I was about 10 years old when I realized that I liked working with my hands. My dad started an addition to our house, a project that would last several years. I started helping him build a retaining wall, mostly digging and mixing mortar. By age 12, I was using a Skillsaw and never looked back.
I became a carpenter and had my own business for nearly 20 years. I worked mostly in custom homes, hanging doors and installing crown molding, building fireplace mantles and staircases. I purchased my first lathe nearly 30 years ago and only used it a few times to make table legs for jobs I had contracted.
I became serious about woodturning about 10 years ago. Most of my first works were segmented because I didn’t know where to find large pieces of dried wood for turning. It never occurred to me to just grab a chunk of a cut down tree! So I cut and glued until I had a bowl blank. I still very much enjoy the challenge of segmented work but I really like working with solid wood which presents its own set of challenges.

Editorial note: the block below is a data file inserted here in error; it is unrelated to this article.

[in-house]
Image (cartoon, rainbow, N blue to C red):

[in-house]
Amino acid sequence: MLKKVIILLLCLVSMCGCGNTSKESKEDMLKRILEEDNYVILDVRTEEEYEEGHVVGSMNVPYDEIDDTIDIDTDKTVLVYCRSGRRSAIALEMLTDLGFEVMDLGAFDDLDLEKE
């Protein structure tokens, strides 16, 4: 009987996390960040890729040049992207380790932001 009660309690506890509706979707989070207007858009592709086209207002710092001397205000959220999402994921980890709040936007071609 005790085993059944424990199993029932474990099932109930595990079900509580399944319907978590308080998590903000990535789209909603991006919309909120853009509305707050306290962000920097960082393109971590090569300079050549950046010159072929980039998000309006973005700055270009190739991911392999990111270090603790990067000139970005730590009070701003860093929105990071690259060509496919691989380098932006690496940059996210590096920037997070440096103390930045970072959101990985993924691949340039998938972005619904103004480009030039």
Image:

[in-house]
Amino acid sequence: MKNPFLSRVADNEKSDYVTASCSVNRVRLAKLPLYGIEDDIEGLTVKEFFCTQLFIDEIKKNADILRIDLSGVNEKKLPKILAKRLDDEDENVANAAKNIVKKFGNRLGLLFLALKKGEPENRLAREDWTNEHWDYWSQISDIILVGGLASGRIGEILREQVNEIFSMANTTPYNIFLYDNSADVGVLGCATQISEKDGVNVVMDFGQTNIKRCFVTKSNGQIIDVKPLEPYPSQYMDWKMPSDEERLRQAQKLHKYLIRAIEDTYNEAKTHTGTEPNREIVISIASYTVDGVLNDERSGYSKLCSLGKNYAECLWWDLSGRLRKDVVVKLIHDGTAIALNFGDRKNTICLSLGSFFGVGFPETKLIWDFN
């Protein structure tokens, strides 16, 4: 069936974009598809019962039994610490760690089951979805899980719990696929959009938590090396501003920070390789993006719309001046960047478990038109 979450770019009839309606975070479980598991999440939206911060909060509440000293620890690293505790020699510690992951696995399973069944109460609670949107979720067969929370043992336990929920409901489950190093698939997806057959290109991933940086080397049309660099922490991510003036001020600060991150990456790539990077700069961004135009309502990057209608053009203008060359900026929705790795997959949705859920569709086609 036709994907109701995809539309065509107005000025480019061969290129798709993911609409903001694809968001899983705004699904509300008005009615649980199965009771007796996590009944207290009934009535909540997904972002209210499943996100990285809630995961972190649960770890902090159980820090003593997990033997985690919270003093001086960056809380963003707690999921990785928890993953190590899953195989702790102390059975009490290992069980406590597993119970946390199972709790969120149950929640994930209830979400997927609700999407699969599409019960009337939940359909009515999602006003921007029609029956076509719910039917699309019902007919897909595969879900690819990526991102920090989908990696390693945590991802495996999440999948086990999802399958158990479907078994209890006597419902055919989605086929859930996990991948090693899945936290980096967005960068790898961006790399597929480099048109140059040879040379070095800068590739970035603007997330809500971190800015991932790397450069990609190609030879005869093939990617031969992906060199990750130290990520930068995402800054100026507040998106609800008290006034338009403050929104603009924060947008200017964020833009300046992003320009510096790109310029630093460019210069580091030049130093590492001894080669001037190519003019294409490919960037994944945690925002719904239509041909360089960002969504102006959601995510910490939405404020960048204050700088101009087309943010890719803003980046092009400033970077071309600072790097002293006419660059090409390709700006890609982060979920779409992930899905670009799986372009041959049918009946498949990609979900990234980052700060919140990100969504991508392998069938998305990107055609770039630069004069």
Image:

I use a wide variety of woods in my work. Some are very dark like Ebony, and others, like Maple and Birch, can be very light in color. There are also woods that are red, brown, pink, yellow and have various colors and shades. I like to use woods that contrast (light and dark), as well as woods that have a strong grain pattern, because that can greatly enhance the aesthetics of a piece.
I prefer to think of myself as more of an artisan than an artist. While the things I make require creativity and imagination, they also require a great deal of skill and knowledge of wood, tools and machinery, without which the creativity cannot happen.